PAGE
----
Well I finally received my Fenix TK70 from China today. I won it from an eBay auction for $125. I was pretty excited to get one for such a low price and the wait definitely paid off. Honestly, I was a little worried at first that I might be getting scammed because of the low price, but obviously my fears were unfounded. This thing is BRIGHT. I'm pretty sure you could have used this thing in WW2 as a searchlight in London. I'm glad I bought 4 Tenergy Centura LSD NiMH D-cells and a nice Tenergy charger for this light, because it will definitely go through batteries like there is no tomorrow!
Here's the package as I received it from the post office. The packaging was definitely smaller than expected for such a large light, but it was undamaged.
Here's the TK70 removed from the packaging. As I have come to expect from Fenix products, the packaging was top notch and kept the item from being damaged in transit.
I'm really digging the bronze patina on this particular light. I guess this must be some new type of hard anodizing technique. My hat's off to Fenix for being such innovators in the field.
Now that its out of it's protective packaging, you can really appreciate the machining quality of this light. I couldn't find any machine marks or light anodizing. The switches are soft and have a positive feel. The threads are tight with no play. The threads and o-rings are well oiled.
A close up of the excellent machining:
Here it is compared to the Fenix PD22S2 and an el-cheapo 3 LED AAA flashlight. It's almost a little unwieldy in size, but its still manageable:
Here's a shot of the 3 lights at their maximum setting to give you an idea of the relative brightness. The PD22S2 in the middle has a maximum output of 200 lumens. Obviously, the TK70 on the right just blows it out of the water, but I would expect this with 3 XM-L's and 4 NiMH D-cells:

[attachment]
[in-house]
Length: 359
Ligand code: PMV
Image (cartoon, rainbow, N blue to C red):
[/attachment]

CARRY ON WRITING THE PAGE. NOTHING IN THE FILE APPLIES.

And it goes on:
Here is a beam comparison shot between the Fenix PD22S2 and the Fenix TK70 from about 3 feet against a beige wall. The camera settings were f2.4, ISO 400, white balance corrected for daylight. As you can see in the beamshot, there are no artifacts at all and even though there are 3 XM-L emitters with their own reflectors, the beam pattern is still very uniform with a bright hotspot in the center. Fenix obviously put a lot of time into the reflector geometry to achieve such a feat.
Finally, here is a beamshot showing how this light can turn a regular ceiling tile as white as a sheet of paper. Even in a brightly lit office, this light was a shining beacon and got the attention of quite a few coworkers.
Overall, the TK70 was well worth the $125 I paid. I would wholeheartedly recommend this light to anybody looking for a light with excellent flood and throw.
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